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France suggests UK’s Hinkley Point nuclear project could still be postponed

text Hinkley cancelledflag-franceHinkley Point nuclear project could still be postponed

Delaying £18bn development is ‘up for discussion’, says France’s Segolene Royal  Plans to build the world’s most expensive nuclear power station at Hinkley Point, near Somerset, could hit further delays, a French government official has hinted. Speaking during a radio interview this week, ecology minister Segolene Royal was asked whether the £18bn project, which is two-thirds funded by French state-backed energy giant EDF, would be postponed. She responded by stating simply that it is “still under discussion”, says The Guardian.

“There’s an agreement between France and Britain so things should go ahead. But the trade unions are right to ask for the stakes to be re-examined,” Royal said.

In particular, there should be “further proof” that the venture would not affect investment in renewable energy, she added.

Last week, the Financial Times reported that a group of senior engineers at EDF had circulated a white paper among executives calling for a delay of at least two years to overcome deficiencies in design and the “very low” competency of fellow state-owned reactor supplier, Areva. Board member and employee director Christian Taxil has also publicly called for the plans to be postponed.

Supporters for the deal include the British government, which has staked its reputation on Hinkley Point as the core part of its carbon-light energy strategy for future decades, and French economy minister Emmanuel Macron, who has said it will almost certainly get approval at an EDF investor meeting next month.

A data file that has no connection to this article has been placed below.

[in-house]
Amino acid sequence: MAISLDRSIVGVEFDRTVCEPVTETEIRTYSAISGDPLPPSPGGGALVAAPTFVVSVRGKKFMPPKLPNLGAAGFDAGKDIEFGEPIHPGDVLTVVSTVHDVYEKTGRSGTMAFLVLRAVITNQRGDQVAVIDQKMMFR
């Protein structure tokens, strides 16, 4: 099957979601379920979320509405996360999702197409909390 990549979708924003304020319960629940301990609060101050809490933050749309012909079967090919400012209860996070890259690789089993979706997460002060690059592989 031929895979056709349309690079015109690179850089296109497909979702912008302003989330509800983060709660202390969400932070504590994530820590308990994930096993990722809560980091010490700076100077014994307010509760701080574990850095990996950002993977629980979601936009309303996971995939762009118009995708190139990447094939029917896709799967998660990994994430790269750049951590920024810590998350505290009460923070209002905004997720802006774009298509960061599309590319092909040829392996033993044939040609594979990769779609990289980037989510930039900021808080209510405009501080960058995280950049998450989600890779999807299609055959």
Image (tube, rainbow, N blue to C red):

The incentives for the company are long-term and come in the form of an energy price guarantee that is almost three times current wholesale prices. A new agreement also offers £20bn protection against a future UK government pulling the plug.

The FT reports that 100 EDF engineers also responded to their colleagues concerns by issuing an open letter stating that the company can “build and deliver the two Hinkley Point reactors on time”.

 EDF’s relationship with Areva is indirectly one of the main reasons for the high profile divisions over Hinkley Point. EDF is being compelled to invest tens of billions of euros to bail out its partner and upgrade France’s nuclear power fleet but is already labouring under its own €37bn (£26bn) debt pile.

April 8, 2016 - Posted by | France, politics, UK

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